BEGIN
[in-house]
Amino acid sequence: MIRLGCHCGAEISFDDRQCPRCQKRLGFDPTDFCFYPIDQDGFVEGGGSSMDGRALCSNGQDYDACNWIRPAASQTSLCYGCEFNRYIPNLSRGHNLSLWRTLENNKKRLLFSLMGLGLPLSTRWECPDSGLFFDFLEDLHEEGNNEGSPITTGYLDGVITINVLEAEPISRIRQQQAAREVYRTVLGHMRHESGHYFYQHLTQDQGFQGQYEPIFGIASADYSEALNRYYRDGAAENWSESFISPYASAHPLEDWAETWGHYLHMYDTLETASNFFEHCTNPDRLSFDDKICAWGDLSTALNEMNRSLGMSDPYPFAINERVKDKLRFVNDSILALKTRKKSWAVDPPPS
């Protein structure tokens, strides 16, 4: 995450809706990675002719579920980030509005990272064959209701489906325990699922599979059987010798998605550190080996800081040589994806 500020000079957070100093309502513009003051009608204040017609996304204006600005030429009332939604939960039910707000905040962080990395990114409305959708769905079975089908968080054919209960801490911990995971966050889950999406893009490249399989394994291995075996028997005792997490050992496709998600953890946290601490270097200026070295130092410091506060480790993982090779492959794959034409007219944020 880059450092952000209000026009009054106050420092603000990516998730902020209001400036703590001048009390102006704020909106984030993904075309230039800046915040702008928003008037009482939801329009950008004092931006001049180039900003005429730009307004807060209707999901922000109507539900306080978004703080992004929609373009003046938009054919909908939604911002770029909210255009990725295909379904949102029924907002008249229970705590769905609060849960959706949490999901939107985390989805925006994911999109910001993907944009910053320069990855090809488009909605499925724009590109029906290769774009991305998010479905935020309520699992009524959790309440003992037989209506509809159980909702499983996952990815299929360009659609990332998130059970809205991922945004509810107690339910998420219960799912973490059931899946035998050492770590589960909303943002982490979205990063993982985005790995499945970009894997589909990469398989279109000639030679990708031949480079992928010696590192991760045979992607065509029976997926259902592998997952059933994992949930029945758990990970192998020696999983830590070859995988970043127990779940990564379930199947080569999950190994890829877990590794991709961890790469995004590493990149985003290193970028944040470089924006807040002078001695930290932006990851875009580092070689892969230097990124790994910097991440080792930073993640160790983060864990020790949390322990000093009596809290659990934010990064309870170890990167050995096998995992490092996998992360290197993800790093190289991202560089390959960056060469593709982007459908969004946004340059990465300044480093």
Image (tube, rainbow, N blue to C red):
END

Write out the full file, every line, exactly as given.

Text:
[in-house]
Amino acid sequence: MIRLGCHCGAEISFDDRQCPRCQKRLGFDPTDFCFYPIDQDGFVEGGGSSMDGRALCSNGQDYDACNWIRPAASQTSLCYGCEFNRYIPNLSRGHNLSLWRTLENNKKRLLFSLMGLGLPLSTRWECPDSGLFFDFLEDLHEEGNNEGSPITTGYLDGVITINVLEAEPISRIRQQQAAREVYRTVLGHMRHESGHYFYQHLTQDQGFQGQYEPIFGIASADYSEALNRYYRDGAAENWSESFISPYASAHPLEDWAETWGHYLHMYDTLETASNFFEHCTNPDRLSFDDKICAWGDLSTALNEMNRSLGMSDPYPFAINERVKDKLRFVNDSILALKTRKKSWAVDPPPS
């Protein structure tokens, strides 16, 4: 995450809706990675002719579920980030509005990272064959209701489906325990699922599979059987010798998605550190080996800081040589994806 500020000079957070100093309502513009003051009608204040017609996304204006600005030429009332939604939960039910707000905040962080990395990114409305959708769905079975089908968080054919209960801490911990995971966050889950999406893009490249399989394994291995075996028997005792997490050992496709998600953890946290601490270097200026070295130092410091506060480790993982090779492959794959034409007219944020 880059450092952000209000026009009054106050420092603000990516998730902020209001400036703590001048009390102006704020909106984030993904075309230039800046915040702008928003008037009482939801329009950008004092931006001049180039900003005429730009307004807060209707999901922000109507539900306080978004703080992004929609373009003046938009054919909908939604911002770029909210255009990725295909379904949102029924907002008249229970705590769905609060849960959706949490999901939107985390989805925006994911999109910001993907944009910053320069990855090809488009909605499925724009590109029906290769774009991305998010479905935020309520699992009524959790309440003992037989209506509809159980909702499983996952990815299929360009659609990332998130059970809205991922945004509810107690339910998420219960799912973490059931899946035998050492770590589960909303943002982490979205990063993982985005790995499945970009894997589909990469398989279109000639030679990708031949480079992928010696590192991760045979992607065509029976997926259902592998997952059933994992949930029945758990990970192998020696999983830590070859995988970043127990779940990564379930199947080569999950190994890829877990590794991709961890790469995004590493990149985003290193970028944040470089924006807040002078001695930290932006990851875009580092070689892969230097990124790994910097991440080792930073993640160790983060864990020790949390322990000093009596809290659990934010990064309870170890990167050995096998995992490092996998992360290197993800790093190289991202560089390959960056060469593709982007459908969004946004340059990465300044480093």
Image (tube, rainbow, N blue to C red):